It’s estimated that 47 million people worldwide suffer from dementia, with this number projected to triple by 2050. In order to manage the significant burden that neurodegenerative diseases pose for society and national healthcare systems, there is a demand for effective diagnostic techniques to facilitate early detection, accurate risk prediction and the development of therapeutic interventions.
To bring about preventative care for dementia, it’s essential that we unravel the pathophysiology causes of neurodegenerative diseases. Few studies have examined the role metabolites play in regulating cognitive ability, despite previous evidence linking metabolic dysregulation to impaired cognition. Pronounced decline in cognitive performance is a key feature characterizing all neurodegenerative diseases, with clinical and epidemiological evidence suggesting a relationship between cognitive function and a number of metabolic aberrations. Dyslipidemia for example, has been linked to impaired cognitive performance, including: high levels of total cholesterol (TC), low-density lipoprotein cholesterol (LDL-C), triglycerides (TG), and lowered levels of high-density lipoprotein cholesterol (HDL-C).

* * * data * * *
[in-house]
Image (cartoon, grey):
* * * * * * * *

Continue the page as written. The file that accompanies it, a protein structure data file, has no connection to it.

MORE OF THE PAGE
In a recent study, van der Lee and colleagues analyzed 299 circulating metabolites related to general cognitive ability in two Dutch-based discovery cohorts, the Rotterdam Study (RS) and the Erasmus Rucphen Family (ERF) study (N=5658). Nightingale’s platform was used to measure 220 metabolic biomarkers, including: amino acids, glycolysis measures, ketone bodies and fatty acids, as well as the lipid concentrations and compositions of 14 lipoprotein subclasses. Additional metabolic measures were obtained using mass spectrometry techniques.
Overall, 17 metabolites were found to significantly associate with improved or reduced cognitive ability, independently of known vascular and metabolic risk factors. Two metabolites were then excluded (as they were not found to be significant in replication). In the study’s first main finding, the remaining 15 metabolites were replicated in 4 population cohorts (Netherlands Twin Register, Whitehall II study, the Framingham Heart study and the Study of Health in Pomerania-Trend).
Among these 15 metabolites, 12 strongly associated with higher general cognitive ability, along with 3 metabolites (glycoprotein acetyls, glutamine and ornithine) linked to impaired cognition. Of the 12 metabolites with positive associations, HDL subtractions and (omega-3 fatty acid) docosahexaenoic acid (DHA) displayed the strongest significance.